fci

FCI Berlin is a medium security federal correctional institution with an adjacent minimum security satellite camp. (COURTESY PHOTO)

BERLIN — Approximately 200 inmates are being transferred to the federal prison in Berlin as a result of President Joe Biden’s decision to phase out the use of private prisons.

Aaron Posthumus, executive assistant at the Federal Correctional Institute-Berlin, said the facility is absorbing several hundred inmates that were being held at a private prison in Texas.

For security reasons, he said the Bureau of Prisons does not provide specific transfer plans.

Posthumus said the bureau “houses many inmates in low-security, privately contracted correctional facilities. After determining that sufficient bed space exists for inmates in the BOP’s own facilities, and therefore additional bed-space will not be needed, the BOP decided not to exercise a contract renewal option for some of these private facilities.”

He said all inmates are being transferred to facilities commensurate with their security needs.

According to Posthumus the Berlin men's prison currently houses a total of 741 inmates.

When it opened in 2012, the capacity was reported as 1,152 medium security inmates and 128 minimum security inmates.

Posthumus emphasized that the inmates being transferred to Berlin are not Immigration and Customs Enforcement (ICE) detainees.

He also said that any inmates entering or departing the Berlin prison is screened and tested for COVID-19 and placed in quarantine or medical isolation for at least 14 days, then tested a second time before being released into the general population.

If an inmate tests positive, he is placed in medical isolation until cleared by medical staff. Inmates are treated in-house unless medical staff determines they need hospitalization.

The prison experienced a major COVID-19 outbreak last month when over 170 inmates tested positive.

As of Monday, the bureau was reporting it had 18 inmates and six staff testing positive for COVID.

Asked if the prison had sufficient staff to handle the additional inmates, Posthumus said the BOP is actively recruiting correctional officers and has been for several years.

He said the starting base salary for a correctional officer is $43,495 with full benefits, including early retirement.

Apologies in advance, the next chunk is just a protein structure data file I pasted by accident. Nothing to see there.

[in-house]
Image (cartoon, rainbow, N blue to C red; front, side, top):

He said the bureau is offering 10 percent recruiting, retention and relocation incentives. People interested in working at the federal prison can call (603) 342-4056.

According to NBC News, Biden signed an executive order on Jan. 26 that will phase out the Department of Justice’s use of private prisons.

“The action is part of the administration’s effort to address racial inequity in the country and make good on Biden’s campaign promises to Black Americans,” the network said.

The order directs the Justice Department to decline to renew contracts with privately operated, for-profit prisons.

A 2016 report by the Justice Department found that private prisons see high rates of assault, use of force incidents and lockdowns, NBC said, quoting Biden as saying that the policy is “the first step to stop corporations from profiting off of incarceration that is less humane and less safe.” He called it the beginning of his overall plan to address systemic problems in the criminal justice system.

A paper released by the Department of Justice’s Bureau of Justice Statistics last October said that in 2019 there were an estimated 27,400 federal inmates in privately operated facilities or 16 percent of all federal inmates.

Berlin Sun reporter Edith Tucker contributed to this article.

Recommended for you

(0) comments

Welcome to the discussion.

Keep it Clean. Please avoid obscene, vulgar, lewd, racist or sexually-oriented language.
PLEASE TURN OFF YOUR CAPS LOCK.
Don't Threaten. Threats of harming another person will not be tolerated.
Be Truthful. Don't knowingly lie about anyone or anything.
Be Nice. No racism, sexism or any sort of -ism that is degrading to another person.
Be Proactive. Use the 'Report' link on each comment to let us know of abusive posts.
Share with Us. We'd love to hear eyewitness accounts, the history behind an article.